The lesbian chic aesthetic in Singapore has also produced the sentiment that butch-presentation- masculine females wearing baggy clothing- is a fashion faux pas, and an embarrassment. Further having a butch looking partner, does not further a femme’s aim to pass as straight. Some of these femmes have resorted to androfying their partners to not only fulfill the lesbian chic image but also using their partners bodies to manage their passing strategies. It is easier to bring home an androgynous female as your best friend to conservative mom and dad than to bring home an overtly looking masculine butch- the latter would definitely raise suspicion toward being a lesbian- a confrontation that a lot of my femme interlocutors fear.

The lesbian chic aesthetic is possibly about managing the fear from being read as lesbian.  My observations highlight how the “lesbian chic” physical ideal in Singapore is about looking less “lesbian” (by presenting a gender normative image of femininity) and more chic. It seems that among this crowd in Singapore, what is particularly “lesbian” about lesbian chic, is about trying to not look like one–yes, the “fashion faux pas”one.

I am a Black lesbian

I am lesbian, not queer. I am Black, not colored, and while I stand in solidarity with my sisters, brothers, and genderqueers of color, I will not allow anyone’s deconstruction of identity to erase my own. I am a Black woman, cis-gendered and femme. I reserve the right to name and claim my own identity and I respect the right for you to do the same.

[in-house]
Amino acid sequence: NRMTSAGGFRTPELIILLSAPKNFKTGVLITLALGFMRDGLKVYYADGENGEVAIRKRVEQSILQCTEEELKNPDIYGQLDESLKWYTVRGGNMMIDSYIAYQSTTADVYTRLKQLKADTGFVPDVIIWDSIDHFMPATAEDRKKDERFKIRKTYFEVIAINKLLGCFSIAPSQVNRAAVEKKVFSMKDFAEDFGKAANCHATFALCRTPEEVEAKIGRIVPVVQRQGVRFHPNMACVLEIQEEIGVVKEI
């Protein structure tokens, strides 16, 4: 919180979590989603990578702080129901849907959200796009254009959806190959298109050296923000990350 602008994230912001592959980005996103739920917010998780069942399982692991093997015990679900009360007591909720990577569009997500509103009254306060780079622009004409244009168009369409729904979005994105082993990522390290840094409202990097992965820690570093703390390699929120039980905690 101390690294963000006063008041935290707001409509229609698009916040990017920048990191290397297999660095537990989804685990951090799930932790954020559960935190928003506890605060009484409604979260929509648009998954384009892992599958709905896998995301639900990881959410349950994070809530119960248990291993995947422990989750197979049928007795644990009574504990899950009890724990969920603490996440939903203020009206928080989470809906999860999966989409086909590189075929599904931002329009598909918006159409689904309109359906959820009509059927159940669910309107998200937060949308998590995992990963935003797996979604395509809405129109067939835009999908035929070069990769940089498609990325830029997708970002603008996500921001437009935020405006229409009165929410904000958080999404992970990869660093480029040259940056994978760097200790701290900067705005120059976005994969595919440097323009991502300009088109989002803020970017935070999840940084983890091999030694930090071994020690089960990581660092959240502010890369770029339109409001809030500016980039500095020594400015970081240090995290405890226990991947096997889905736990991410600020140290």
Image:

That is all.

Feminism 101 or Why Women’s Studies Can’t Wait: A Workshop for Girls (via the Crunk Feminist Collective)

Paula Ettelbrick and Feminist Leadership

Urvashi Vaid’s comments on the passing of Paula Ettelbrick remind us that “LGBT” is not a monolithic group that shares all the same desires and interests.  There are many differences and disparities hidden behind those letters and also hidden in the now somewhat passe phrase “lesbian-and-gay.”  We need to continue to struggle to address the sexism and racism that inhere even within our movment to ensure that social and economic justice, equality and freedom apply to all.

Paula Ettelbrick and Feminist Leadership.

I don’t know what LGBT means anymore, but I do know that when it’s used in academic research–and we all use it–no one is really talking about the thing as a whole, but about parts of it.  There are very few statements that can be made about “LGBT” that apply to all.  And as bisexuals have known for a long time, the “B” is usually silent.  We CAN work together but let’s not lose our histories, our complexities, and our differences to a soundbite that is useful for the media, but has little other value.